Driver's safety 'diversion programs' are illegal, state auditor says

If you get pulled over for speeding in Minnesota, it's increasingly likely the police officer will give you a choice: Pay the ticket, or take a safe driving class.

The classes usually cost less than the ticket, and the violation doesn't go on your driving record. More cities and counties are offering these "diversion programs" because they keep cases from entering the court system.

A new state auditor's report, though, says there's a problem with these programs: They're illegal.

"We don't want somebody with bad driving behaviors to be able to participate in diversion programs around the state and nobody knows how many they've participated in," said State Auditor Rebecca Otto. "If someone gets to participate in diversion in one county that's doing this program, and then the next day they're in a different city that has this program, their driving records are scattered all over."

There's nothing in state law authorizing local governments to set their own driving regulations, said Otto. Attorney General Lori Swanson agrees.

The view's different, though, in sheriff's offices and police departments across the state using diversion programs.

In Buffalo, Minn., the city started its Drive Smart program. Only people cited for minor moving violations -- such as going 15 miles or less over the speed limit, running a red light, failing to yield - are eligible.

"I would challenge the state to find another program that they're in charge of that has those kind of results."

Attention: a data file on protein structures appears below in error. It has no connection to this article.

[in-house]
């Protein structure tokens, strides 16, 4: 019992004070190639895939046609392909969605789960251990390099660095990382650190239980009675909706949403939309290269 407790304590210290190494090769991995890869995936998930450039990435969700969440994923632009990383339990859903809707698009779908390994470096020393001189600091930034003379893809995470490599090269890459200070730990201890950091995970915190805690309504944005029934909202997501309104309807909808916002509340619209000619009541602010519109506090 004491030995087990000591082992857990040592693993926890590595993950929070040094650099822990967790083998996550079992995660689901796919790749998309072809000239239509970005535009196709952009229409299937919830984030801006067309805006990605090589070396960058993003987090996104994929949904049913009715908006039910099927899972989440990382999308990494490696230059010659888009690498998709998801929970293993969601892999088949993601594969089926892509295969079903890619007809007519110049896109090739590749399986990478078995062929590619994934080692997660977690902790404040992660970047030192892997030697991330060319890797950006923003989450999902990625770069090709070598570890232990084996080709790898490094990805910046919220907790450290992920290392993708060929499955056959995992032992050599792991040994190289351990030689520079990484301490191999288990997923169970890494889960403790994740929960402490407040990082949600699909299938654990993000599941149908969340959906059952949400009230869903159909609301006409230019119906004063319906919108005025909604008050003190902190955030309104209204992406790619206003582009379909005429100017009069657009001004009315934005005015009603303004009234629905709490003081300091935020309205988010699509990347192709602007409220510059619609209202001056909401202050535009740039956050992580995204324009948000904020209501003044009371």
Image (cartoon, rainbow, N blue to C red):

The typical traffic ticket for that sort of violation is about $130, said Buffalo Police Chief Mitch Weinzetl. The Drive Smart class costs just $75. While the choice seems obvious, the course evaluations people fill out after they complete the class are almost all positive, Weinzetl said.

"These are people who didn't want to be there, who aren't happy to be held accountable," he said. They "had to pay money out of their pocket and had to spend two hours out of their life listening to an officer telling them about safe driving, and at the end of that session they're saying, 'Wow. This was really valuable to me.' I would challenge the state to find another program that they're in charge of that has those kind of results."

The number of programs like Drive Smart has nearly tripled over the last six years. More than 35 of them operate in cities and counties around the state.

Otto, though, says that results in a patchwork of rules.

"There's a range of fees. There's a range of classes you get to take if you're allowed to participate. One of them is an eight-minute online video that you watch."

But Wabasha County Sheriff Rodney Bartsh says there's nothing new or unusual about a prosecutor exercising discretion over whether to pursue a case.

"It's rooted in law that has allowed county attorneys to divert shoplifters, and divert other low-level offenders," he said. "They've been able to do it in other areas. We're not sure why they wouldn't be allowed to do it in this area."

The state's real motivation isn't about the law, Bartsh said. It's about money.

Wabasha County established its Safe Driving Class 10 years ago, and since then the program has generated more than $400,000. All of it stayed in the county.

With traffic tickets, the state gets about a third of the money. If a court orders someone to take a safe driving class, the state gets a $75 cut of the tuition.

The state auditor's office found local governments have collected about $1.6 million from safe driving programs over the last three years. Only two cities -- Coon Rapids and Red Wing -- shared any of that money with the state.

Attorney Erick Kaardal is suing Wabasha County over the program.

"It's very troubling when you observe the rule of law being ignored in such a forthright way when it comes to money," he said. "We'll never get to eliminating wasteful spending, if we can't eliminate illegal spending."

Kardaal notes that the Minnesota Attorney General's Office first raised questions about the legality of such programs as early as 2003, but no one took steps to shut them down.

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